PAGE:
Illustration by Hugh Thomson representing Mr Collins protesting that he never reads novels.

I am very excited to be reading an extract from Pride and Prejudice and urge many of you to enjoy the book yourselves. I've given links to Oxford World’s Classics edition of Pride and Prejudice, and the Jane Austen giftshop.

If you have never seen me read or give a talk before, you may enjoy this recording of a reading on another subject called Amazement of the ordinary, which was a TEDx talk I gave about haiku poetry:

The Jane Austen Pride and Prejudice Readathon at the Jane Austen Centre this coming Monday (28th January) is from 11am to 11pm. when we celebrate 200 years of this most famous of all books.

“It has one of the most famous opening lines in literature, it turned Colin Firth into a heartthrob and it spawned a zombie spin-off. Now Pride and Prejudice has reached the venerable age of 200.”
Tim Masters Entertainment and arts correspondent, BBC News
Pride and Prejudice: Jane Austen fans celebrate novel's 200th anniversary

Oxford World’s Classics edition of Pride and Prejudice:

Jane Austen giftshop:


An illustration from Pride and Prejudice by
Hugh Thomson (1 June 1860 - 7 May 1920)
This is a live event,  and The Readathon will be linking up with different Jane Austen Societies throughout America and elsewhere throughout the day.

All of us at the centre will be offered the opportunity to dress in Regency costume to get us in the mood.

There will be several spots where Austen experts discuss various aspects of the book.

Many events will also occur at the Jane Austen Centre (40 Gay Street, Bath, BA1 2NT) and is currently closed to the public – it reopens on the 30th January.

Friday, January 18, 2013

Snow and winter haiku - in honour of the 2013 January snowy weather in the U.K.

Photograph of snow in Hull©Alan Summers 2010

snow flurry
a child thrusts his anorak
into it

Publications credits: Simply Haiku vol. 1 no. 3 (2003)

field of snow
the horses
back to back

Publications credits: Blithe Spirit vol. 19 no. 1 (2009); Haiku Friends Vol. 3 (Japan 2009)

snowed in
I watch the streetlamps
and dream of Narnia

Publications credits:
Blithe Spirit vol. 20 no. 4 (2010)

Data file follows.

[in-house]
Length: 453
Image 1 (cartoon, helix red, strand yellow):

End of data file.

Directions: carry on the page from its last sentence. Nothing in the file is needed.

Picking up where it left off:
snowfall she takes her daffodils Underground

Publications credits:
Blithe Spirit vol. 19  no. 1 (2009); Does Fish-God Know (YTBN Press 2012)

powdered snow -
a crow’s eyes above
the no parking sign

Publications credits: The Mie Times, Japan (1999); Haiku International magazine (Japan 1999); Watermark: A Poet’s Notebook - Crows (2004); The In-Between Season (With Words Pamphlet Series 2012); Does Fish-God Know (YTBN Press 2012)

Award credit: Joint Winner, Haiku International Association 10th Anniversary Haiku Contest 1999

rook chatter
tracking each snowflake
to the end

Publications credits: Asahi Shimbun (2010)

solitary snowdrop
         in march snow

Publications credits: Azami Special Edition ed. Merrill Ann Gonzales (Japan 1995)

tilting at the world
the late morning finds
a smaller snowman

Publications credits: Blithe Spirit vol. 20 no. 4 (2010)

through the blizzard
particles of me

Publications credits:  The Haiku Calendar 2012 (Snapshot Press); The Humours of Haiku (Iron Press 2012) ; The In-Between Season (With Words Haiku Pamphlet Series 2012)

Award credits:
Winner, The Haiku Calendar Competition 2011 (Snapshot Press)

Gare du Nord
the slow change of snow
on fake fur

Publications credits: Blithe Spirit (Vol. 22 no. 2 May 2012)

snow globe-
we toast each galaxy
with margaritas

Publications credits: Prune Juice issue 9 July 15th 2012

thunder snow
the wind-shifting scent
of fox

Publications credits: fox dreams (April 2012) edited by Aubrie Cox


Saturday, January 05, 2013

Mindful Writing Challenge January 2013 and Celebrating Issa, the classic haikai poet

Mindful Writing Challenge January 2013 has started, and I wanted to remember Issa who was so mindful about the aspects of wildlife many of us despise including all kinds of biting insects.

My tribute haiku to him though is about the famous haikai verse about the impermanence and transient aspects of life he called the world of dew, which also related to the tragic deaths of members of his family, including children.

tonight's world of dew
if a moment Issa's shade
would walk beside me
memorial haiku by Alan Summers

About Issa:
Issa Day:

Although Issa Day is actually every November 19th in Japan, some celebrate today as well.

Here's an extra treat about Issa, including a wood carving of Issa, and a video by Robert Hass:

Issa Memorial Museum:


"A must-have book for any haiku fan": Amazon review of Does Fish-God Know, gendai haiku and experimental short verse collection by Alan Summers, published by Yet To Be Named Free Press


 Gratifying to see a review of my latest poetry collection (gendai haiku and experimental short verse) Does Fish-God Know at Amazon (UK).


" Beautiful and sometimes startling imagery is wrought throughout these thought-provoking pieces. Anti-pigeon spikes on cemetery gates and dirty moons inhabit the dark side of the soul, while tipsy/philosophical frames of mind are vividly conjured in haiku such as "vodka chilli cocktail" and "Sunday drunk".

So, Does Fish-God Know? Whether he/she does or doesn't, the quest to find out leads you on a compelling journey. A must-have book for any haiku fan."